Having stayed rigorously close to his native New York for much of his career, writer-director James Grey has lately been making up for lost time. His last film, “The Lost City of Z,” journeyed into the Amazon, circa early 20th century. His latest, “Ad Astra,” skitters across the solar system like a stone skipped through space.
Both films aren’t merely changes in setting. They’re inherently about leaving home — the sacrifice entailed, the wonders to be discovered, the cost of obsessions that require pursuit. It’s fitting that they follow Grey’s masterpiece, “The Immigrant,” a profound and melancholic tale of passage. Whether orbiting New York or Neptune, Grey has been on the move for some time.
“Ad Astra,” starring Brad Pitt as an astronaut in the near future, is easily the most expensive production yet for Grey (“We Own the Night,” ”Two Lovers”). Its timing is fortuitous. Coming on the heels of Pitt’s radiant performance in “Once Upon a Time … in Hollywood,” ”Ad Astra” seems almost like an encore amid all the (deserved) celebration of its lead performer, a singular star in a movie universe with few that can match his luster.
But “Ad Astra,” more intimate than it is majestic, is much more than a rocket-fueled vehicle for its star. It’s a ruminative, mythical space adventure propelled by father-son issues of cosmic proportions. Pitt’s Roy McBride is ordered to the far reaches of the solar system to make contact with his previously presumed dead father, a legendary space explorer named H. Clifford McBride (Tommy Lee Jones).
He’s feared to have gone mad, and is suspected of having something to do with power surges playing havoc with Earth’s electronics. In the film’s staggering first moments, McBride is working on a miles-high antenna, like Jack on a beanstalk to the sky, when a surge sweeps over it. Explosions follow and McBride plummets through the stratosphere.
“Ad Astra” is mapped like “Apocalypse Now.” (Grey is so devoted a Coppola fan that he ranks dinners by the director’s oeuvre .) Instead of an ominous, top-secret trek down a Vietnamese river toward Colonel Kurtz, McBride is hopping between planetary stations (a string of colonized bases exist on the moon and Mars, with Neptune the next destination) en route to another missing hero-turned-psychopath, with a mission to potentially search and destroy. That this is Roy’s father, whom he hasn’t seen since he was a youngster, adds significantly to the implications of the journey.
Pitt’s astronaut is a solitary figure, taciturn and cool under pressure. Much of the charisma he so effortlessly displayed in “Once Upon a Time … in Hollywood” has gone into hiding, replaced with a more pensive and subtle performance. His space voyage comes in contact with a handful of colorful figures, all of them underused (Donald Sutherland, Natasha Lyonne, Ruth Negga, a pair of rabid space baboons). But Roy’s chiefly in dialogue with himself and the old video transmissions from his father.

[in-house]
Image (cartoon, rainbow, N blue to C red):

In copious amounts of voice over and frequent confessional-like psychological evaluations, Roy narrates his psychological voyage through the stars. “I will not allow my mind to linger on that which is not important,” he says early in the film, pledging his devotion to the mission. It’s a line that will come to mean something else to Roy as he gets further and further from home (he leaves behind an ex-wife, played by Liv Tyler), and goes deeper and deeper into his — and his father’s — obsessions. The nature of ambition gets deconstructed. Grandiosity gets toppled by elemental humanity.
Grey, of course, is only the most recent master-filmmaker to seek existential truths in the remoteness of space. There was Claire Denis’ “High Life” earlier this year and Christopher Nolan’s “Interstellar” in 2014. The latter bears some similar DNA with “Ad Astra.” But Nolan lingered much more on the life and family left behind by its space traveler (Matthew McConaughey). Grey, a more restrained director, gives us little of Roy’s earthly life, something that dulls the movie’s emotional arc when Roy begins to look backward.
Where I think “Ad Astra” misses the mark is in so closely marrying its subtext with its text. Roy is navigating his relationship to his absent father both literally and figuratively. Daddy issues, alone, can take you only so far, even if it’s to Neptune. Aside from verging on the one-note, that focus constricts the very linear, very self-contained “Ad Astra,” a taut but inflexible chamber piece in a genre given to symphony.
That minimalism, though, is also part of the considerable appeal of “Ad Astra.” The placid surface of Pitt’s carefully calibrated performance slowly cracks. And it’s often riveting to watch how Grey remakes fairly familiar science-fiction terrain. Working with cinematographer Hoyte van Hoytema (who also shot “Interstellar”), Grey brings his typically formalist style and firm command to stripped-down scenes that approach the sublime. A dazzling chase sequence with buggy-riding pirates on the moon is depicted nearly soundlessly.
Grey has a gift for shrinking massive set pieces and enlarging private dramas. In “Ad Astra,” he travels 2.7 billion miles through space. It’s a long way to go for a talk with your dad, but a fair distance for uncovering a ray of hope in a lifeless void.
“Ad Astra,” a 20th Century Fox release, is rated PG-13 by the Motion Picture Association of America for some violence and bloody images, and for brief strong language. Running time: 124 minutes. Three stars out of four.
MPAA Definition of PG-13: Parents strongly cautioned. Some material may be inappropriate for children under 13.
Follow AP Film Writer Jake Coyle on Twitter at: http://twitter.com/jakecoyleAP